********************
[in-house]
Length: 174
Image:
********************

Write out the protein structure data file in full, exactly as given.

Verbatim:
[in-house]
Length: 174
Image: